Sharknado is trying to cash in on the so-bad-it’s-good bandwagon… but it kind of works.

You’re supposed to be either outraged and amused by the existence of Sharknado, a now two film strong disaster/horror TV movie franchise built around the improbable weather event of the title. Amused because… well, one imagines that’s pretty self-explanatory, outraged because it bears all the tiresome hallmarks of a cult-film wannabe — i.e. movies that try to prefabricate the kind of midnight-movie popularity that usually has to come about organically. (See: Repo: The Genetic Opera, the latest in a long line of films trying way too hard to be “the next Rocky Horror.“)

I’m probably meant to be in the “outraged” camp, or at least the annoyed one. Ever since the late, great Mystery Science Theater 3000 (and its offspring, RiffTrax and Cinematic Titanic) worked out how to turn the perennial Sunday-afternoon (or post-hangover, any day) hobby of talking back to bad movies on TV into mass-entertainment, fans (like myself) of actual “so bad they’re good movies” — i.e. films that are entertaining because they tried to be good and failed miserably — have had to endure a deluge of films lazily put together on the pretext of being “bad on purpose.” Why spend money or try hard when you can sell the exact opposite as the next The Room?

Admittedly, it can be difficult to distinguish sometimes: The Evil Dead movies all openly play up their makers’ fondness for old-school rubber-monster schlock horror to make their own low-tech FX part of the gag, but they’re also still clearly aiming for the films to be good in their own right. Birdemic has all the earmarks of a Tim & Eric sketch, but appears to actually be the sincere output of a… unique mind.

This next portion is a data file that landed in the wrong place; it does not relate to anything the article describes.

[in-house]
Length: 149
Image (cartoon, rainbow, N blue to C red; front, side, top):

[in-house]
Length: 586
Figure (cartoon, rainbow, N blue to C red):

In any case, I understand the drive to lump the original Sharknado in with every other “riff-bait” throwaway that thinks pairing subpar effects and failed celebrities will turn them into a frathouse hit. But whatever the intentions in its inception, Sharknado actually had a certain level of authenticity to it. The purposefully ridiculous premise is exactly the sort of thing legitimate “exploitation” filmmakers of the drive-in/VHS ages would’ve seized on (“Y’know how sometimes tornadoes suck up fish and drop them on dry land? What if it was SHARKS!?”), for one thing. For another, the former-celebrity casting (Ian Ziering, Tara Reid) are exactly the sort of folks who tend to wind up in these things i.e. recognizable names without much real claim to memorability. It even has the half-hearted attempt at relevance that was the hallmark of “real” B-movies — the initial Sharknado forms near a fishing boat engage in illegal shark-fin harvesting. Oh, and also nothing interesting really happens for the first forty minutes or so, which is frustrating but familiar if you’ve ever sat through, say, Monstroid waiting for Monstroid to show up.

(Full disclosure: I’ve worked a convention panel with one of the Syfy executives in charge of the Original Movies productions; and they stated that they’re aiming for “fun” but not for irony or parody most of the time.)